USS Aircraft Carrier Found in the South Pacific

I am going back to sharing some military stories. Many are very recent. Some are short and some are very informative.

USS Hornet Found in South Pacific

The wreckage of a U.S. aircraft carrier famous for launching a bombing raid on Japan four months after the Pearl Harbor attack was discovered in January.

B-52 bombers took off from the Hornet took off on April 18th, 1942 to attack the Japanese mainland. The attack was led by Lt Col James H. Doolittle.

Six months later the Hornet was put out of commission after being struck by multiple bombs and torpedoes.

While being towed by the USS Northampton the Hornet was attacked again by 11 Japanese bombers.

To prevent its capture, U.S. ships scuttled the Hornet with 16 torpedoes. When it finally sank It took the bodies of 140 sailors with it.

The estate of Paul Allen, Microsoft co-founder, funded the operation to find it.

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I have another interview to share with you from my upcoming book:

In my book, Signs of Hope for the Military: In and Out of the Trenches of Life,

I have many interviews. Here is part of one of many:

I had the honor of accidentally connecting with a WWII veteran while shopping at my local grocery store. I saw him as I walked down the first aisle. I walked past him and then thought, Why didn’t I say hello and thank him for his service.

Then when I came into the milk aisle I saw him again. I walked over to him and told him thank you for his service. He said he was in Okinawa during the war. That was one of the bloodiest battles of the war.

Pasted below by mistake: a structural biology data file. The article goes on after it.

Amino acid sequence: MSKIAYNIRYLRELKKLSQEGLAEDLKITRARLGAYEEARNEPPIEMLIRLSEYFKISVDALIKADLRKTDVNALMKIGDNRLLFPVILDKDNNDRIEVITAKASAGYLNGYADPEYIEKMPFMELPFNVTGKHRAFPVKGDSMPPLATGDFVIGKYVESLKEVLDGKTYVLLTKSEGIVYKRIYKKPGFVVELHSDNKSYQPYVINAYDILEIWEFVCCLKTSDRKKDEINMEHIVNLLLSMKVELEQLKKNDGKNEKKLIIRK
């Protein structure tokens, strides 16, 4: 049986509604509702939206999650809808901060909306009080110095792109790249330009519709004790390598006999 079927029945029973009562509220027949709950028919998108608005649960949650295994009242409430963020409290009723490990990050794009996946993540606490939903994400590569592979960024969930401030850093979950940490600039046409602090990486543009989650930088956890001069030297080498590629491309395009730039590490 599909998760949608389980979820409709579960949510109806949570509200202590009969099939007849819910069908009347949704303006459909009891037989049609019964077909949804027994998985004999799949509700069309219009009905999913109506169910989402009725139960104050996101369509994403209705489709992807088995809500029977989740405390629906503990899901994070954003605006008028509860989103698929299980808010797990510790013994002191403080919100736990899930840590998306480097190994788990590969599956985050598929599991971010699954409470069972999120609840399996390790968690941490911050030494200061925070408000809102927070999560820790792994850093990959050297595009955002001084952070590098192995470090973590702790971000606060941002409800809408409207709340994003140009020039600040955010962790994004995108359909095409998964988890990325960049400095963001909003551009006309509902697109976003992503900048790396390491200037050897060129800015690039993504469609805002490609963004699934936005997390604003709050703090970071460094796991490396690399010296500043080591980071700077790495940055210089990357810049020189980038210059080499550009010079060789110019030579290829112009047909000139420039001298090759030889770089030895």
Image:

We said our goodbyes, and went on. Then I wondered why I didn’t ask him if I could interview him. I was very angry with myself.

I got all my groceries and was heading towards a register. They have those dividers between each register so you can’t see the head of the line until you get there.

I came around the divider and there was the WWII veteran right ahead of me. That did it. I quickly asked him if we could meet and let me interview him. He said he would be glad to do it.

He gave me a card with his phone number on it and we parted our ways.

The next day I arranged to meet him at his home.

Here is what happened during the interview

I sat on the couch close to him because his hearing wasn’t good. I found out he was 98 years old. He look great for that age.

I began to ask him questions

DB

What did you do while in Okinawa?

WWII VET

I was a Captain, and in charge of a company of shipping crews. We unloaded the ships as they came into the harbor.

DB

You actually unloaded the supplies, ammo, and equipment for those that were on the front not far from you? That was a pretty vital mission.

WWII VET

Yes it was, and we were being bombed by the Japanese constantly.

DB

What was your worst moment?

WWII Vet

I was on one of the ships and I fell overboard right between a barge and the ship. They were very close together. I had to struggle and swim to the end of the ship to get out.

I also had to keep our men safe from all the bombing.